The Internet as a Tax Haven?: The Effect of the Internet on Tax Competition
David R. Agrawal
University of Georgia - Department of Economics; CESifo (Center for Economic Studies and Ifo Institute)
Firms with a physical presence in a consumer’s state are required to remit state and local sales taxes on online sales; sales from remote vendors without a physical presence are not subject to sales tax remittance. Theoretically, a large fraction of shoppers with Internet access will put downward pressure on tax rates as jurisdictions seek to reduce revenue leakage to a tax-free source; but, taxable online sales will put upward pressure on tax rates because the Internet acts as an effective means of enforcing sales taxes. I use novel data – all municipal and county sales tax rates in the country and Internet penetration rates at the municipal level from 2011 – to test the theory. Exploiting tax discontinuities at state borders, I find that that an increase in the Internet penetration rate induces large municipalities on the low-tax side of state borders to lower their local tax rates by more than municipalities on the high-tax side; this result is consistent with towns on the high-tax side having less brick-and-mortar stores and more consumers with easy non-Internet means of tax avoidance.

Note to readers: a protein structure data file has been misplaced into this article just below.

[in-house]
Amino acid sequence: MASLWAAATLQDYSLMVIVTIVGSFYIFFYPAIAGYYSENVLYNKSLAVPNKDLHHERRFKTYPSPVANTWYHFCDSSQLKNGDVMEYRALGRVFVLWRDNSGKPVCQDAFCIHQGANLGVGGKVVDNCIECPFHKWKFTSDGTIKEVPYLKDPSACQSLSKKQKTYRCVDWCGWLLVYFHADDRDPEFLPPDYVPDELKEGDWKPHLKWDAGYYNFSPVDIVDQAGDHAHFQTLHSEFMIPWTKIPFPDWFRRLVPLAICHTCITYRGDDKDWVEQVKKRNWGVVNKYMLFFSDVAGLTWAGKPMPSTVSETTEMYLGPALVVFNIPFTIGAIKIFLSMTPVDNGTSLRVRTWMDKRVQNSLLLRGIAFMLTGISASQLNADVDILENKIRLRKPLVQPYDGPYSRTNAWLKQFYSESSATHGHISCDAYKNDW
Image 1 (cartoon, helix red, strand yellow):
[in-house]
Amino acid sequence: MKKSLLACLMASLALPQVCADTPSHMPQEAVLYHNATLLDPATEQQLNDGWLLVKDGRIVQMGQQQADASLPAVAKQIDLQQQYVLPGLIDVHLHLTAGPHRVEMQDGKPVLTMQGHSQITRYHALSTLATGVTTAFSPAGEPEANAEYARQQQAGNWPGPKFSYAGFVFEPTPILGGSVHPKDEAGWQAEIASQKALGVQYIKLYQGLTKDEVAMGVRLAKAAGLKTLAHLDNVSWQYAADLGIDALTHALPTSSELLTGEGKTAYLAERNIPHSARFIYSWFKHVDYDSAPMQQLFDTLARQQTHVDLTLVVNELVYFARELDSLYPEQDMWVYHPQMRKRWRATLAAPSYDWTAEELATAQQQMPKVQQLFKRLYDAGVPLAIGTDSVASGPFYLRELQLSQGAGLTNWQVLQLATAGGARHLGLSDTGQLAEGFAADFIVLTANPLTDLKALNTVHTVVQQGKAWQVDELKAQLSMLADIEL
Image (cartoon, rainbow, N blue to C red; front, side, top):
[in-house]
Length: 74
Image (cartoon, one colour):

Number of Pages in PDF File: 63
Keywords: Commodity Taxation, Fiscal Competition, e-Commerce, Tax Havens, Tax Evasion
JEL Classification: H25, H71, H73, L81, R50working papers series
Date posted: September 21, 2013 ; Last revised: August 10, 2014
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